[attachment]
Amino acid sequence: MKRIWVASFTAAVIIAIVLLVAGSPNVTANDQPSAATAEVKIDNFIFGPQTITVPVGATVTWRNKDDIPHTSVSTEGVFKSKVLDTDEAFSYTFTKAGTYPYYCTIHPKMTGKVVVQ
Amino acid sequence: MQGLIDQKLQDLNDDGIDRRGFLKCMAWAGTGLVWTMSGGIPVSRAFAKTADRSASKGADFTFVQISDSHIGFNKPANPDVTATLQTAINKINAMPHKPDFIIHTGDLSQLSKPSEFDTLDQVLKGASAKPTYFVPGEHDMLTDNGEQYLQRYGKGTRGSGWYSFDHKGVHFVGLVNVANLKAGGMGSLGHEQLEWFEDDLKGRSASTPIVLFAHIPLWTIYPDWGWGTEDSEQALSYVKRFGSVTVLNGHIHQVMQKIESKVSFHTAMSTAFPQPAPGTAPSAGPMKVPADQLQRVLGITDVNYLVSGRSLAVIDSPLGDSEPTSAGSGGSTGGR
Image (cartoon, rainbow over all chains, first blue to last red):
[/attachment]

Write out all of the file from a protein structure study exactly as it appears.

Amino acid sequence: MKRIWVASFTAAVIIAIVLLVAGSPNVTANDQPSAATAEVKIDNFIFGPQTITVPVGATVTWRNKDDIPHTSVSTEGVFKSKVLDTDEAFSYTFTKAGTYPYYCTIHPKMTGKVVVQ
Amino acid sequence: MQGLIDQKLQDLNDDGIDRRGFLKCMAWAGTGLVWTMSGGIPVSRAFAKTADRSASKGADFTFVQISDSHIGFNKPANPDVTATLQTAINKINAMPHKPDFIIHTGDLSQLSKPSEFDTLDQVLKGASAKPTYFVPGEHDMLTDNGEQYLQRYGKGTRGSGWYSFDHKGVHFVGLVNVANLKAGGMGSLGHEQLEWFEDDLKGRSASTPIVLFAHIPLWTIYPDWGWGTEDSEQALSYVKRFGSVTVLNGHIHQVMQKIESKVSFHTAMSTAFPQPAPGTAPSAGPMKVPADQLQRVLGITDVNYLVSGRSLAVIDSPLGDSEPTSAGSGGSTGGR
Image (cartoon, rainbow over all chains, first blue to last red):